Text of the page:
- Singh/Kaur: Singh means male lion. Kaur means female lion. Both names emphasize that one is royalty. The 10th living Guru, Sri Guru Gobind Singh Ji, created Singh and Kaur when he established how Sikhs became baptized through taking Amrit. Sikh men were given the last name Singh, and Sikh women were given the last name Kaur. If one does not identify as male/female, one can choose either Singh or Kaur, although it is more common to choose Singh in this instance. Additionally, some people choose to take the last name Khalsa as well, which emphasizes that they are baptized Sikhs. Singh and Kaur were given to the Sikhs as a way to destroy the caste system, since last names decided caste. In this scenario, caste would no longer apply to people’s lives because these Sikh names replaced the caste system.
- Langar: Roughly translates to Free Kitchen. Started with Sri Guru Nanak Dev Ji. Langar was served to all who visited the Gurdwara. Comprising of Vegetarian food only, there is a section in every Gurdwara that has a Langar Hall. Visitors can do seva (selfless service) and eat Langar whenever they wish to at anytime of the day. Nobody is ever turned away.
- Khalistan: a Sikh nation free of any “Indian” rule, comprised of all of the lands that the 10 Gurus lived on and visited. Khalistan would be all of the Sikh holy lands in Panjab merged into one nation. This Sikh nation was promised to the Sikhs in Panjab before the Panjab partition in 1947. Sikhs were promised a Khalistan, Muslims were promised a Pakistan, and Indians were promised their Hindustan (aka India). Sikhs were backstabbed instead. India took Panjab, broke it into pieces, and essentially stole land from the Sikhs. India gave Pakistan a huge portion of Panjab, killing over a million Sikhs in the process, and denying that they made an agreement over Khalistan in the first place. Sikhs continue to fight for their justice.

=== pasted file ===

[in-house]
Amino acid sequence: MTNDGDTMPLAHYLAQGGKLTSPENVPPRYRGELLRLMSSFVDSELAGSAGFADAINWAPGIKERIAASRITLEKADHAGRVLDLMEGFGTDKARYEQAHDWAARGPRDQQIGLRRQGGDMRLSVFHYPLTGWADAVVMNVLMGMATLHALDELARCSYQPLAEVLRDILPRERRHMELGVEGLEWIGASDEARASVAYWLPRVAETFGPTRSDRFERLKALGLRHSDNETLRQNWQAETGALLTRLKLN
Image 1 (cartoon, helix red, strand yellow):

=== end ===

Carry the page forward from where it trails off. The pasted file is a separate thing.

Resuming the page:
- Panjab: a state in India, Panjab translates to “The Five Rivers.” Sikhi was founded within Panjab’s borders. Guru Nanak Dev Ji spread the message of Sikhi by walking all throughout Asia and Africa for over 30 years.
Behl, Natasha. Understanding Difference Blindness: Minimization of Casteism in the Sikh Community. APSA Annual Meeting Paper, Occidental College, 2011. Available at SSRN: https://ssrn.com/abstract=1902291
According to the abstract, the paper explains the different discourses of caste in Sikh society. Panjabi Sikhs define casteism, caste-based inequality, and caste relations in their everyday lives. Interviews were conducted in Panjab, India in order to analyze how Panjabi Sikhs utilize caste daily, including how they use caste vocabularies, caste-based narratives, and their personal definitions of casteism. The abstract states: “At the center of this discussion is the question of how definition – the power to name – determines perception, and ultimately, prescription.” Through this study, one can understand how Sikhs simultaneously acknowledge and deny caste differences among themselves. Caste is defined based off of “ritual purity” and “pollution associated with untouchability.” This concept helps perpetuate discrimination against members of a certain caste.
Gurharpal Singh (2010) EDITORIAL NOTE CASTE AND CASTE RELATIONS IN CONTEMPORARY SIKH SOCIETY, Sikh Formations, 6:1, 1-2, DOI: 10.1080/17448727.2010.486220
In Sikh studies, caste is often ignored or overlooked. Sikh communities utilize caste for a sundry of concepts, including marriage and friendships. Those who are of different castes are denied marriage to certain members of a caste because one’s caste determines one’s “pollution.” According to caste ideology, the more “polluted” one is, the less access they have to God. Caste ideology allows institutions to commit discriminatory practices. This article explores the issue of Sikh formations and how caste influences the daily life of Sikhs.
Virk, Manpreet Singh. Singh is Queer. Hayward: Self-Published on Amazon, 2018. Print.
The first poetry book in human history that covers a sundry of political concepts by a QTPoC Sikh. This poetry book captures the story of a Queer/Transgender Punjabi man who was born and raised in America. Singh explores controversial topics from a Sikh lens. He includes the history of different oppressed groups, including the Indigenous peoples of America, African Americans, and Mexican Americans. His topics are very relevant worldwide. He writes about colonialism, capitalism, rape culture, racism, Queerphobia, poverty, familial relationships, and so on. He documents his most tragic life events, using his Sikh religion as a way to cope with all of the oppression that he has faced in his life.